This is the story of two young lives cut short.
Not exactly a festive topic to read on Christmas morning, I know.
But on this day of giving, the stories of these two young women can serve to remind us that the most cherished gifts of all don’t come wrapped in paper and bows.
It is a tragedy that we all too often fail to remember that until those blessings are taken away.
I was never fortunate enough to meet Rebecca Lueke.
Just 18, she was killed in a traffic crash earlier this month while returning to Benedictine College in Atchison, Kan., where she was a freshman.
From what I’ve heard and read, those who did have the pleasure to know her were blessed in having the experience.
It was as if she were the personification of the saying only the good die young.
Someone shared with me something that Rebecca had written about her volunteer work at the Children’s Place in Kansas City. It captured the loving heart of someone who took joy in helping those less fortunate than she.
There is another young woman, whom I did have the chance to meet recently, who also possessed qualities like compassion and kindness and loyalty that define the best in human nature.
Jessica Masoner is also 18, and the tragedy that befell her was as sudden as that which took Rebecca’s life.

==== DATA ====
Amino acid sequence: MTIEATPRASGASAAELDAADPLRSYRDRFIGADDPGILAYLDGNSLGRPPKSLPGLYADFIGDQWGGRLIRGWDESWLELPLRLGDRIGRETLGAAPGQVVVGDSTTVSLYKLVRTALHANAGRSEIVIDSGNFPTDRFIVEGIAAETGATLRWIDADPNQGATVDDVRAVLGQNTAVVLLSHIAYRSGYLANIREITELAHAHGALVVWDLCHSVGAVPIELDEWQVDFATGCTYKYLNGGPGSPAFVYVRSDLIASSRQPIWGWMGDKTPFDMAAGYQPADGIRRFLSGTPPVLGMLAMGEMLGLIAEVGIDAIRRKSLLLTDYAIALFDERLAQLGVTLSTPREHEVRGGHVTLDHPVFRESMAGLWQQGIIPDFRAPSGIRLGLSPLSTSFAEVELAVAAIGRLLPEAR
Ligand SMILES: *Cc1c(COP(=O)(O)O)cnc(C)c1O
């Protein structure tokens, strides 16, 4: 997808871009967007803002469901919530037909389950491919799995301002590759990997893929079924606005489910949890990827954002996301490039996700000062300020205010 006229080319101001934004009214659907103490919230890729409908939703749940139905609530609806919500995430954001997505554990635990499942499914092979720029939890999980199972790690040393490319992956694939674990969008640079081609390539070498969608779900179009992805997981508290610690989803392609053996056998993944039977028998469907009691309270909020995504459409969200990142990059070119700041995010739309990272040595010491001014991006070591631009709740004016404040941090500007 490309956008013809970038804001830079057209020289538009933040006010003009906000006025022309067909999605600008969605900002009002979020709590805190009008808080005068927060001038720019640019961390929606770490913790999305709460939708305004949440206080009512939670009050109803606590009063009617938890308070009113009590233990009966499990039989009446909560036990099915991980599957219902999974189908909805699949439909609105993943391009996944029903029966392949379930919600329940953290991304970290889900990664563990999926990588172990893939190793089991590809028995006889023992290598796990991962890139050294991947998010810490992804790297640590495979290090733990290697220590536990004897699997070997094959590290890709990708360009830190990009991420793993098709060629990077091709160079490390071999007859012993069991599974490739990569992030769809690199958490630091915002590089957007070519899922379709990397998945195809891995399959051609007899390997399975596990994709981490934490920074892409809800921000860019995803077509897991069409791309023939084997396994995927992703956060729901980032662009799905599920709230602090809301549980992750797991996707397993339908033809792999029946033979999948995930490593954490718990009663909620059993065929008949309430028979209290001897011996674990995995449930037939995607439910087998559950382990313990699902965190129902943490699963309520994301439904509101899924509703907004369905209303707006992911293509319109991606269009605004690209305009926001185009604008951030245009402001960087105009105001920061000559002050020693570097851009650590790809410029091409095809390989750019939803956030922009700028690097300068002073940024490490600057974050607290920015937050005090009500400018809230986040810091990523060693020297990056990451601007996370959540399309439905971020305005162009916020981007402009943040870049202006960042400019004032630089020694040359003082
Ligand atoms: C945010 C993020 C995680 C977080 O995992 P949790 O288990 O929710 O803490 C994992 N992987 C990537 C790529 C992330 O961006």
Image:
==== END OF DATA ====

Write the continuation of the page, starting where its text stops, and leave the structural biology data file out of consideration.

Jessica is still alive, but the inexplicably cruel disease that now possesses her body is incurable and slowing killing her.
She was by all accounts a typical teenager, full of spirit and as yet untouched by the cynicism of adulthood.
Then one day, with the suddenness of a lightning strike, her body was wracked by a seizure. It was the first sign of a disease so rare that only about 200 people have it worldwide.
Its insidious machinations have ravaged her mind and body and left her totally dependent on others. She is fortunate to have a strong and loving family, and meeting them, I know they feel that they are the lucky ones for having her.
Last week, thanks to Jessica, I was able to experience a rare and beautiful moment. Hundreds of young people who had never met her or her family spent weeks raising money to help them.
When the family came to the school to accept the gift, students hugged and cried, overcome by the joy of giving. Kansas City’s Secret Santa, a man who knows a thing or two about spreading joy, was also there and summed up what they had done.
“Tonight is what Christmas is all about,” he told them. “The human spirit united in an act of kindness and love.”
Being teenagers and all, I’m sure there were times when Jessica and Rebecca said and did things to anger and irritate their parents.
Lord knows my own children have. So have yours.
But when we gather around the Christmas tree this morning, I won’t need to unwrap anything to know how much I have been given.
And I won’t need to be reminded that the time we have with our children is fleeting, and so very, very precious.